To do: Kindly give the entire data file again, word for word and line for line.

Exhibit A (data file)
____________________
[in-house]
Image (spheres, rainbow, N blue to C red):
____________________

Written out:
[in-house]
Image (spheres, rainbow, N blue to C red):